Mentions: Typically, IgE-dependent MC activation results in the liberation of granule-associated mediators such as histamine and tryptase, the synthesis of lipid mediators such as PGD2 and LTC4, and the synthesis of a wide spectrum of cytokines and chemokines. MC activation is not a “yes or no” phenomenon, and similar to several other MC activators (for review see reference 16), TSLP did not induce MC degranulation or the release of lipid mediators (Fig. S2, available at http://www.jem.org/cgi/content/full/jem.20062211/DC1), even when used at various concentrations with or without IL-1/TNF. In contrast, very high levels of the proinflammatory cytokines/chemokines IL-5, IL-13, IL-6, GM-CSF, CXCL8, and CCL1 were released after 24 h of MC stimulation by TSLP in the presence of IL-1/TNF (Fig. 2). Regardless of the experimental conditions, the following cytokines/chemokines, including IL-4, IL-9, IL-12, IL-15, IFN-γ, CXCL10, CCL24, CCL17, CCL13, CCL22, and CCL5, were either undetectable or present at very low levels (<70 pg/ml). Stimulation of MCs with IL-1/TNF induced the release of high levels of CCL2 and CCL3, and this was not affected by TSLP (CCL2: 3,512 ± 346 pg/ml vs. 3,912 ± 669 pg/ml with TSLP; CCL3: 3,921 ± 725 pg/ml vs. 3,415 ± 483 pg/ml with TSLP). Collectively, these data indicated that in inflammatory conditions mimicked by the presence of IL-1 and TNF, TSLP is a potent activator of MCs leading to the production of very high levels of proinflammatory Th2 cytokines and chemokines that are reportedly sufficient to induce and maintain an allergic phenotype. For instance, the perfusion of IL-13 induces an asthma-like phenotype characterized by eosinophilic inflammation, bronchial hyperreactivity, and airway remodeling (17). Given the important role of TNF in severe asthma (18), it is of note that this cytokine was released at high levels by MCs stimulated with IL-1 and TSLP (not depicted). The proinflammatory activity of TSLP was further indicated by its suppressive activity on the production of TGF-β. This finding together with the observation that TGF-β inhibits the response to TSLP (Fig. S3) suggests a negative regulatory feedback between these two cytokines. In contrast to TGF-β, the production of IL-10 was enhanced by TSLP and exogenous IL-10 did not affect the MC response to TSLP (not depicted). IL-10 is overexpressed in the lesional skin of AD patients (19) where it inhibits the production of antimicrobial peptides, thereby contributing to the microbial colonization of the skin (20). Because IgE/anti-IgE–stimulated MCs reportedly expressed TSLP mRNA (5), we have examined TSLP expression in response to IL-1/TNF used alone or together with exogenous TSLP. TSLP was not induced in these conditions as revealed by: (a) the absence of TSLP protein in the culture supernatants of IL-1/TNF-stimulated MCs (<7 pg/ml), (b) the lack of effect of blocking anti-TSLP mAb on chemokine production by IL-1/TNF-stimulated MCs, and (c) quantitative real-time RT-PCR analysis of TSLP mRNA expression (Fig. S1, A and B). The potential clinical significance of the findings that TSLP-stimulated MCs produce high levels of proinflammatory Th2 cytokines and chemokines is supported by the recently reemphasized concept that MCs have a central role in the development and maintenance of allergic diseases (for review see reference 13).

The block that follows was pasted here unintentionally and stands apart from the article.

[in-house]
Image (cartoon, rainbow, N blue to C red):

Thymic stromal lymphopoietin is released by human epithelial cells in response to microbes, trauma, or inflammation and potently activates mast cells.

Allakhverdi Z, Comeau MR, Jessup HK, Yoon BR, Brewer A, Chartier S, Paquette N, Ziegler SF, Sarfati M, Delespesse G - J. Exp. Med. (2007)

TSLP-stimulated secretion of cytokines and chemokines by MCs. Cytokine (A) and chemokine (B) secretion by MCs (105 cells/ml) stimulated for 24 h with 10 ng/ml IL-1β/TNF or/and TSLP was assessed by ELISA. Mean ± SEM (n = 11).
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Related In: Results  -  Collection